- June 26, 2017
- Posted by: JPFarley
- Category: Healthcare Reform
Following the U.S. Senate release of their amendment, the “Better Care Reconciliation Act of 2017” (BCRA), to HR1628, we can already see this “Discussion Draft” has generated just that. At times like this we like to remind plan sponsors that we would not recommend doing any planning based on this Senate bill or the House version that has already passed. First, it is not yet law and, as can be seen from discussions already, a lot of changes can occur between now and the time this actually passes, gets reconciled and signed by the President. These things have a history of changing as they go through the process.
The Senate amendment includes:
- Individual and Employer Mandate– Starting from 2016 the individual and employer mandate penalties are zeroed out. The elimination of employer penalties includes the penalty applicable to employers who do not offer health coverage and those who offer health coverage that is not affordable or does not meet minimum value standards.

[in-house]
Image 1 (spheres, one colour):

- Pre-Existing Conditions – No Penalty for No Coverage in Individual Market– Insurance companies would not be permitted to increase premiums or deny coverage based on pre-existing conditions. The House bill would allow insurers to impose a 30 percent premium surcharge on consumers who purchase a new plan after letting their previous coverage lapse. States could choose to make this penalty more severe.
- Essential Health Benefits– States would be allowed to change what qualifies as an essential health benefit.
And, as in the House bill:
- The Cadillac Tax– Delayed until 2026.
- HSA Expansion – Provisions include allowing both spouses to make catch-up contributions beginning in 2018, and increasing the maximum contribution limits.
- Repeal of Tax on Over-The-Counter Medications – The bill would remove the restriction that drugs are considered qualified medical expenses only if the drug is prescribed under Archer MSAs, HSAs and FSAs and HRAs beginning in 2018.
- FSAs– The bill repeals the limitation on health FSA contributions set by ACA for taxable years beginning after December 31, 2017.
Again, there will be much discussion about this amendment and there is no way to know, at this point, if it will make it to President Trump’s desk. We will continue to make every effort to keep plan sponsors informed as the process continues.